Toscafund Asset Management has made a cash offer with the intent of taking the MVNO private
TalkTalk have today confirmed that a £1.1 billion takeover proposal has been made by London-based hedge fund, Toscafund Asset Management. The deal offers to buy the business in full for 97 pence per share, a 16% premium on TalkTalk’s closing share price on Wednesday.
“The board has considered the terms of the proposal and has agreed to progress the proposal further with TAM (Toscafund Asset Management) along with taking advice from the company’s advisers,” said TalkTalk in a statement.
This is not the first time Toscafund have made a bid for a TalkTalk takeover. As the MVNO’s second largest investor, owning around 30% of the business, Toscafund made a takeover bid last year at £1.35 per share, but the deal was rejected by the TalkTalk board.
Since then, TalkTalk’s share value has plunged, diving around 30% since the start of 2020, meanwhile Toscafund has gradually been increasing its stake in the company.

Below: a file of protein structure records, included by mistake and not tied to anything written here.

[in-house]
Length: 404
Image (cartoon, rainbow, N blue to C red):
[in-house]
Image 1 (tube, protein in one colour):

The proposal includes a number of preconditions, including that the company “receives an irrevocable undertaking from [TalkTalk executive chairman] Sir Charles Dunstone in support of such Offer.” Sir Charles, who founded Carphone Warehouse and launched TalkTalk in 2013, is the operator’s largest shareholder, owning a slightly larger stake than Toscafund.
Toscafund is required to announce a firm intention to make an offer by the 5th of November. TalkTalk’s shares surged 16% upon news of the announcement.
This is not the first time TalkTalk has hit the news this week, with the operator yesterday in the news being critical of Openreach and regulatory standards that have allowed the UK’s largest broadband provider to hike up their prices.
“Investment into Britain’s full fibre rollout is critical. But it’s got to be affordable – people cannot be forced to pay higher prices just to increase the profits for those building the network,” said CEO of TalkTalk, Tristia Harrison. “So TalkTalk is asking the Government and Ofcom to make sure that competition thrives and that prices are fair for hard-pressed Britons.”
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